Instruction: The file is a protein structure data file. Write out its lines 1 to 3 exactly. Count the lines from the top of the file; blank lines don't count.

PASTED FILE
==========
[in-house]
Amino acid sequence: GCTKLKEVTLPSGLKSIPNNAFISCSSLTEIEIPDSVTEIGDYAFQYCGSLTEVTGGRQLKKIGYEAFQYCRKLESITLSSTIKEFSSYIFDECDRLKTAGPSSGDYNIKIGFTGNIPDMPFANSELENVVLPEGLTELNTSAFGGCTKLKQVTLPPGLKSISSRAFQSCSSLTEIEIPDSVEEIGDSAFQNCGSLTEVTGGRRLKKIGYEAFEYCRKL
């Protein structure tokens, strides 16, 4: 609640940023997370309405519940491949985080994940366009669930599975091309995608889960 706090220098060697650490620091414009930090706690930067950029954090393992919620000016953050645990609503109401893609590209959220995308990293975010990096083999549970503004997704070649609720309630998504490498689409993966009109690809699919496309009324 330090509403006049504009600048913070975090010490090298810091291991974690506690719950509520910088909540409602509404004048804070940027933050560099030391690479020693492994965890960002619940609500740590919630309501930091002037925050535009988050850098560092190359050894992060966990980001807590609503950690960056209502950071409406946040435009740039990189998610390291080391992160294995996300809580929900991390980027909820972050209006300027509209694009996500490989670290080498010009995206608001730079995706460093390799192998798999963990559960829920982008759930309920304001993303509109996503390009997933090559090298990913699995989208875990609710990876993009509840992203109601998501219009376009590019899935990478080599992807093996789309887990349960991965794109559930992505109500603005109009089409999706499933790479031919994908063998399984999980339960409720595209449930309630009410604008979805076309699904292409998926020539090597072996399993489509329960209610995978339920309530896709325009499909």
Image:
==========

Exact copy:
[in-house]
Amino acid sequence: GCTKLKEVTLPSGLKSIPNNAFISCSSLTEIEIPDSVTEIGDYAFQYCGSLTEVTGGRQLKKIGYEAFQYCRKLESITLSSTIKEFSSYIFDECDRLKTAGPSSGDYNIKIGFTGNIPDMPFANSELENVVLPEGLTELNTSAFGGCTKLKQVTLPPGLKSISSRAFQSCSSLTEIEIPDSVEEIGDSAFQNCGSLTEVTGGRRLKKIGYEAFEYCRKL
């Protein structure tokens, strides 16, 4: 609640940023997370309405519940491949985080994940366009669930599975091309995608889960 706090220098060697650490620091414009930090706690930067950029954090393992919620000016953050645990609503109401893609590209959220995308990293975010990096083999549970503004997704070649609720309630998504490498689409993966009109690809699919496309009324 330090509403006049504009600048913070975090010490090298810091291991974690506690719950509520910088909540409602509404004048804070940027933050560099030391690479020693492994965890960002619940609500740590919630309501930091002037925050535009988050850098560092190359050894992060966990980001807590609503950690960056209502950071409406946040435009740039990189998610390291080391992160294995996300809580929900991390980027909820972050209006300027509209694009996500490989670290080498010009995206608001730079995706460093390799192998798999963990559960829920982008759930309920304001993303509109996503390009997933090559090298990913699995989208875990609710990876993009509840992203109601998501219009376009590019899935990478080599992807093996789309887990349960991965794109559930992505109500603005109009089409999706499933790479031919994908063998399984999980339960409720595209449930309630009410604008979805076309699904292409998926020539090597072996399993489509329960209610995978339920309530896709325009499909």